Of course we must always be mindful of Murc’s Law: the central villains here are as always the Republicans, who are unanimously opposed to extending the Child Tax Credit:
The White House was unable to secure an extension of the program amid a disagreement over its broader economic proposal with Sen. Joe Manchin, D-W.Va., who raised multiple objections to the child benefit and said it was discouraging parents from working. Virtually all Republicans have also opposed Biden’s expanded Child Tax Credit, and Washington has shifted away from pandemic spending as lawmakers seek to curb the worst inflationary spike in four decades.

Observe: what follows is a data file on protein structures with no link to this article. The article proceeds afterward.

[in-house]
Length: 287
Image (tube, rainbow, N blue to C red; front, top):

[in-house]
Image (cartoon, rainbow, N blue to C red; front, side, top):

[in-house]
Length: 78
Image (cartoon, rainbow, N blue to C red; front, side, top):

The expiration of the program now threatens to undermine what White House officials had seen as a potential legacy achievement for the president. Instead, the number of children in poverty went from roughly 8.9 million in December 2021 to 12.6 million last month.
Note that the entire annual cost of a program that lifted nearly four million children out of poverty is less than the increase in the Department of Defense’s annual budget since 2017.
I’ve mentioned this before, but one of the most remarkable facts of contemporary economic life is that we accept the idea that it’s natural and perhaps even inevitable that one out of every six American children live in poverty, when the nation’s per capita GDP is quadruple what it was in the 1950s, when J.K. Galbraith excoriated the inequities of what at the time he characterized — accurately — as “the affluent society.”